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Criminal – Defendant received ineffective assistance of counsel

By: South Carolina Lawyers Weekly staff//February 20, 2020//

Criminal – Defendant received ineffective assistance of counsel

By: South Carolina Lawyers Weekly staff//February 20, 2020//

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A habeas court found the defendant’s counsel rendered ineffective assistance by misadvising him during plea negotiations, but this finding was improperly ignored by later reviewing courts. The case was remanded with instructions to grant the habeas petition.


Shane Monroe Dodson appeals from the district court’s judgment denying his petition for habeas corpus relief brought under 28 U.S.C. § 2254, in which he raised a single claim of ineffective assistance of counsel.

Dodson argues on appeal that the district court erroneously adopted factual findings made by the Supreme Court of Appeals of West Virginia (the state supreme court), which were directly contrary to the findings made by the state habeas court. As found by the state habeas court, Dodson argues that his counsel misadvised him during the plea negotiating process, because counsel was unaware of the elements of the burglary offense of which Dodson was convicted.

Dodson asserts that based on his counsel’s misunderstanding of the law, counsel advised Dodson not to plead guilty and to decline the State of West Virginia’s offer to recommend as part of a plea bargain a sentence of one to 10 years’ imprisonment. After declining the state’s plea offer, Dodson was convicted at trial and sentenced to serve a mandatory term of life imprisonment.

Dodson later filed a petition for habeas corpus relief in the state habeas court. That court granted the petition, holding under the two-prong test of Strickland v. Washington, 466 U.S. 668 (1984), that Dodson had been denied the effective assistance of counsel. On appeal, the state supreme court reversed the habeas court’s judgment, concluding that Dodson’s decision to reject the state’s plea offer was not based on counsel’s advice but was motivated instead by Dodson’s belief that he would be exonerated at trial.

After Dodson filed the present federal habeas petition, the district court deferred to the state supreme court’s decision under the Antiterrorism and Effective Death Penalty Act of 1996, or AEDPA, and denied Dodson’s request for habeas corpus relief.


Dodson argues that the district court erred in deferring to the state supreme court’s decision, because Dodson established that the state supreme court’s conclusion was not entitled to AEDPA deference under 28 U.S.C. § 2254(d). Thus, according to Dodson, we may consider his habeas corpus petition under a de novo standard of review allowing us to assign significant weight to the state habeas court’s credibility findings.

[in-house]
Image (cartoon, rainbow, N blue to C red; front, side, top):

In response, the state argues that the state supreme court’s decision denying habeas corpus relief properly was afforded great deference by the district court in accordance with AEDPA, because the state supreme court’s factual determinations were not unreasonable and did not result in an unreasonable application of federal law. We disagree with the state’s arguments.

We conclude that AEDPA deference does not apply because the state supreme court committed two foundational errors, namely, that the court (1) made an unreasonable factual determination, which led to (2) its unreasonable application of federal law. Upon concluding that AEDPA deference is inapplicable, we now examine Dodson’s ineffective assistance of counsel claim de novo.

We conclude that Dodson’s attorney (Sherman Lambert) rendered deficient performance when he misadvised Dodson about the elements of the statutory burglary offense and the strength of Dodson’s case, and that Dodson suffered prejudice in relying on counsel’s advice to reject the state’s plea offer. Therefore, we hold that Dodson received constitutionally ineffective assistance of counsel and is entitled to habeas corpus relief.

We vacate the district court’s judgment, and remand the case to the district court with instructions to grant conditionally Dodson’s petition for habeas corpus. The district court is directed to inform the State of West Virginia that it will be afforded 90 days to decide whether to reinstate its previous plea offer to Dodson in exchange for his guilty plea. If the state declines to reinstate its previous plea offer, the district court shall grant Dodson’s petition for habeas corpus relief.

Vacated and remanded with instructions.

Dodson v. Ballard (Barbara Milano Keenan, J.) Case No. 18-6465. Jan. 22, 2020. From N.D. W.Va. (Frederick Pfarr Stamp Jr., J.) Lyle David Kossis for Appellant, Lindsay Sara See for Appellee. 21 pp.


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